My husband really likes hockey.  He goes to games, watches it on TV, follows the Bruins pretty closely.  I’m a sports fan, but hockey eludes me, mostly because, embarrassingly, I cannot follow the movement of the puck.  (When the networks started showing that blue “after burn” streak a few years ago, I rejoiced.  Turns out I was alone in that, so, bye-bye after burn.)

But here’s what I do know that my husband does not: ice skating is hard.  My dear hubby has never laced up a pair of ice skates in his life.  When I watch hockey, I watch for the skill of the skaters.  These guys are huge – most well over 6 feet tall.  And they are moving at such speed, turning, pivoting, stopping, being chased and hit by other huge guys, all while balancing themselves on 0.11 inch thick blades.  If you’ve ever ventured out on to the ice, legs wobbling, ankles turning hopelessly inward, and made a few tentative turns around a rink, you’ll have a much greater appreciation for the talent and force of professional hockey players.  And I often wonder how – or if – my husband can really appreciate hockey without having some sense of the difficulty of mastering the basic skill on which the whole game rests.

I’ve been thinking about this more lately since I have my own hockey equivalent. For me, it’s music.  I love it, but I can’t generate a note, nor understand the complexities behind much of it.  My music education and experience is limited to the following:

1. I played the glockenspiel for about 3 years in the middle school band.  Pretty cool, right? It wasn’t even a marching band.  And while I did learn to read music, the notes are engraved on the instrument’s keys.

2. I sang in the choir in my freshman year of high school.  I’m pretty sure I’m an alto.  Please don’t get the idea that this was a “show choir”, a la Glee.  This was a bunch of awkward teenage girls in matching outfits with their hands clasped in front of their diaphragms singing, “You’ll Never Walk Alone” to a theatre full of bored but obligated parents.

3. I took a beginner violin class in my early 20s, but it was hard to practice because my roommates were convinced I was skinning live cats.

4. There is an old upright piano in my home.  It came with the house, it is hopelessly out of tune, and I sometimes run my hand along the keys when I pass through the living room.

5. (And this is my strongest qualification) I really, really like music. I appreciate good songwriting and a surprising phrase. I love hearing an artist reinterpret a song during a live performance. I’m not a great dancer but I know what it is to be moved by the power of a song.  I’ve been part of a crowd that a musician has eating out of his hand, shouting myself hoarse trying to echo back the same energy and passion and joy he’s giving us.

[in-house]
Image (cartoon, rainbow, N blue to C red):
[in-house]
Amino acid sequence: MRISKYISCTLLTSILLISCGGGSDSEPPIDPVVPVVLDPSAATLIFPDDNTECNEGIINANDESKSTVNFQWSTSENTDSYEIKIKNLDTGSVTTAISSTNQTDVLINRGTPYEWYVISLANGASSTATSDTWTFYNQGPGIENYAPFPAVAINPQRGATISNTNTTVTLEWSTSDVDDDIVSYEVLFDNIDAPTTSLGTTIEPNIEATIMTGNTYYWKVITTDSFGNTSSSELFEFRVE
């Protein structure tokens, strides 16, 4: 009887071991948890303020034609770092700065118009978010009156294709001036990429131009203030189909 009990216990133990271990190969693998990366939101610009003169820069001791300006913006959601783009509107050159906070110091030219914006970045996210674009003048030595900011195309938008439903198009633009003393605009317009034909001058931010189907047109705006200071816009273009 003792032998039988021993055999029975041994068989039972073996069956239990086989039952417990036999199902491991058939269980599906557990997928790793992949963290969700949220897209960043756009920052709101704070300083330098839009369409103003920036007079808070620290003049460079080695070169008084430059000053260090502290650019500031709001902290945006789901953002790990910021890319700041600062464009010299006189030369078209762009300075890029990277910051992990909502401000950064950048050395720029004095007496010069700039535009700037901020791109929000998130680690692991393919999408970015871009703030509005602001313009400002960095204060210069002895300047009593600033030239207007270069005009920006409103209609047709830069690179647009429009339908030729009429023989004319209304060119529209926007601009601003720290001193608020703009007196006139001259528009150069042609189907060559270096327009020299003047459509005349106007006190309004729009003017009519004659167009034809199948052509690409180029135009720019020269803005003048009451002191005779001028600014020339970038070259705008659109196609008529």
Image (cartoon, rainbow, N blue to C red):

But the question still stands: can I really claim to love something if it’s something I can’t do? Or have never really attempted?  Is music appreciation possible without a better understanding of music creation?  In this time I have available to me, can I make a start, maybe in some small way, to become not just a consumer of music, but something else?

Springboard #1, or It’s Never Too Late to Study Abroad

One of my regrets from my more youthful days is that I didn’t have a chance to study abroad.  My college trajectory was…how should I put this?  Fractured? Erratic?  Let’s just say I transferred a couple of times and caused my parents no small amount of anxiety in the process.  When I finally landed at a place where I was happy, and from where I’d eventually graduate, I only had 2 years of college left and didn’t want to spend part of that time abroad.  I’d only just arrived – it seemed silly to leave so soon.

When it came time to plan my sabbatical, I figured I should try to find the experience I had to forgo in my 20s.  I wanted something longer than a vacation, with the opportunity to immerse myself in a place and in a culture.  So, in about a month’s time I’ll be heading to the Institut de Francais in Villefranche-sur-mer, on the French Riviera, for a 4-week intensive French language program.  It is a program designed for adult learners, and students come from around the world.  I’ll be living in shared student housing and attending class 8.5 hours a day. And I can’t wait.

I know most people wouldn’t choose to spend their vacation in language lab or doing homework, especially when the beaches of the Riviera are a few tempting kilometers away. But you’re talking to someone who used to start reading her textbooks weeks before school started.  I honestly can’t think of a better way to spend the gift of time that my sabbatical offers.

So I’ve discovered my own version of a collegiate study abroad program.  Unlike what I might have done when I was 20, I’m guessing this one will have more mature people.  Oh, and much better booze.